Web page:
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Red Squirrel 01-30-2010 04:26 AM

Furnace can't keep up!
 
I have a bryant furnace model 340mav024060, (installed around 2002 I think) and one thing I've noticed is when it gets very cold out, like -30ish, it seems to have a hard time keeping up. It's been running non stop for about 3 hours and I was only able to bring the house from 12C to 17C and it actually went back down to 16C while it was running, but eventually back to 17 then it stayed long enough for it to stop (I have it set there).

My house is split level, so the higher level is maybe about 21C - I'm not cold or anything, the lower level is cooler, and that's where the thermostat is.

I do feel warm air coming out of the ducts, but the lower level of the house does seem to have less pressure. Like, it will make a piece of paper or cardboard move, but when I put my hand it just does not seem like there's enough pressure and not as much heat.

The two main register vents do seem a bit undersized so I'm wondering if that's the problem. In fact the main duct that goes to the lower level is only warm while the one going up is hot enough to almost burn my hand if I keep it on long. They're both the same size.

The vent dimensions are as follows in inches:


Main return : 8x18
Two returns branch off:
Return going up : 8x13 (sorta, the main return kinda just goes in the ceiling then uses the joists for most of the actual return and there's a 23x6 vent)
Return going down : 8x13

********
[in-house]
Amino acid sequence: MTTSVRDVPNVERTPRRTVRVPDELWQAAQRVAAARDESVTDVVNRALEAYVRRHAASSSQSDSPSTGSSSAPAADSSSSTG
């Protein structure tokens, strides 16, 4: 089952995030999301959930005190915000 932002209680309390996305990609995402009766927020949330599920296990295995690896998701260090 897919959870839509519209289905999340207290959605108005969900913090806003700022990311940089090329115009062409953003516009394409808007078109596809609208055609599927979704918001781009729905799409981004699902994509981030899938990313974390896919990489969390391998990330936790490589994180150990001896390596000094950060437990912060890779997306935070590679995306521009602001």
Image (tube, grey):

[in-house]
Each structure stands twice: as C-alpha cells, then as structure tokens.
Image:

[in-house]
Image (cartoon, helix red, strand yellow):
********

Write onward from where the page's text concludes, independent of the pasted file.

Duct going up: 8x12 (4 registers - 2 basement ones - standard round duct type)

Duct going down: 8x12 (5 registers - 2 crawlspace ones)

Both of those are the only ducts that come off the main plenum. Also I have a few dampers closed, and some registers closed (mostly upstairs as I want to try to push more heat down)

As I was taking measures I noticed it finally stopped and it did hit 17 again (thermostat is set there) so it does eventually heat, but it just seems to take an awfully long time. It actually just started again now.

I also need to check if changing the filter will help, I did vacuum it a while back but maybe it's just reached it's last days and needs to be replaced. I will try that tomorrow and see.

The furnace is dirty but I vacuumed the worse out. The blower does seem to have a thick dust on it, think that would make a big difference to clean that?

Just wondering if there could be anything else I'm not thinking of.

beenthere 01-30-2010 06:00 AM

A 9F temp rise in 3 hours isn't bad at -22F.

Apparently. Its easier for air to travel to the upper level then the lower level.
A clean new air filter will help.

More return from the lower level will help also.

yuri 01-30-2010 07:13 AM

Is it a high efficiency furnace with plastic venting? If so, remove the blower and clean it and check the secondary coil for dirt buildup. Sounds like it really needs it, check the underside of the A/C coil for dirt if you have one.

Scuba_Dave 01-30-2010 09:37 AM

Wow, I don't turn my temp below 55f, usually not below 62
Last nite with the temp going down to 4f last nite I left the temp at 65f
During the day we keep it at 68f = 20c

I'd be doing some insulating if I were you
Can't remember if you have insulated your basement yet
That made a big difference here (rim joist), raising basement temp 10-15 degrees

Red Squirrel 01-30-2010 01:47 PM

Yeah the basement is not insulated so I may be loosing lot of heat that way. I want to do the rim joists at least, and soon I want to do the whole basement, but I want to do it well. Plenty of power/data cable runs etc... As for the upstairs walls not sure how well insulated they are, this is an old house so maybe they did not use much insulation. I'm pretty sure it's fiberglass though, and not stuff like newspaper or something. The house was built in 1965. I will probably add more insulation to the attic as well, I'm at R40-60 range so I want to bring it up to 60+.